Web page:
“I consider looseness with words no less of a defect than looseness of the bowels.” (John Calvin)
Recently I was privileged to have a lively discussion on the difference between what we call the “Arminian” and “Reformed” theology. I contended that the basic point of divergence between the two systems is as follows: Arminianism believes that we save ourselves, while Reformed doctrine teaches that we can be saved only by Christ. I admitted to my discussion partner that this was, perhaps, a simplification of the issue, but suggested that in this way the lines are drawn fairly and squarely.
But this fellow felt insulted by my conclusion. He said it very plainly, “I have never heard any Christian say that he saves himself, for all Christians know that they are saved by Christ.” As a matter of fact, my discussion partner indicated that he had never really met an Arminian as I described them – a person who claimed to be Christian and yet claimed to save himself. All Christians, he said, believe that they are saved by Christ!
If this man was right, are there really any Arminians? Is there at bottom a real difference between the Reformed faith and Arminianism or are they just different ways of looking at the same thing?
We may even go a step farther in our questions: was the Reformation in the sixteenth century and the subsequent struggle in the seventeenth century between the Calvinists and Arminians worth the trouble? Do we not all, Roman Catholics, Reformed, Arminian, Baptists, etc. believe in the same Lord Jesus Christ, the Saviour of all? We may differ on certain points, but is the essence of faith not the same? Where’s the problem, really? Is it not just a matter of semantics, of terminology?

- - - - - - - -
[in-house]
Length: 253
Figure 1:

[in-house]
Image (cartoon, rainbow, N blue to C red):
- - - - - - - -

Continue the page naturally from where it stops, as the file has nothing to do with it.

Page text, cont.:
Using the same words
When I was still a young student at seminary I took a course in ancient philosophy. I will never forget one of the first things which our professor, C. Veenhof, taught us. He said, “You must always ask people precisely what they mean when they use certain terms.” For even though we may use the same words, this does not mean that we are saying the same thing. Therefore it is so very important to ask someone what he means when he employs a common concept. You must investigate someone’s terminology or you may be misled into thinking that you both espouse the same beliefs while you really do not!
Take, for example, the political scene. In the past both communists and capitalists ardently defended the concept of democracy and even call themselves “democrats” but they definitely didn’t have the same political system. History shows us that communist former East Germany, which for many years called itself the German Democratic Republic, was anything but “democratic.” And yet they used the word democracy nonetheless.
“Testing the spirits” means we must diligently investigate and accurately understand someone’s terminology. Otherwise we will be terribly misled.
It was precisely the tactic of’ the Arminians in the early 1600s in the Netherlands to use common biblical concepts and to give these concepts subtly unbiblical content. The Arminians made a caricature of the true Reformed doctrine and then attacked the caricature with the crafty use of biblical concepts adapted to their own views. Those who did not discern this were led astray.
Is this not a much used tactic or a standard method of operation? The lesson is clear; the same words do not always mean the same thing.
Saying the same thing?
Let me get back to the example of the difference between Arminian and Reformed thinking. It may seem that sometimes both are saying the same thing.
The Reformed churches teach that God in his sovereign good pleasure elects whomever He wills. We speak, then, of the doctrine of election, which states, “[God] has, according to the sovereign good pleasure of his will, out of mere grace, chosen in Christ to salvation a definite number of persons. . .” (Canons of Dort I, 7).
Arminians also employ the term “election,” for it is a scriptural concept. Except Arminianism means by election only that God sets various conditions (faith and repentance) and elects those who meet these conditions! In effect, then, we save ourselves by our own choice for God upon which God is obliged to elect us. God’s election is “sovereign” only in that He sets the conditions, but secondary in that He must choose all that meet these conditions.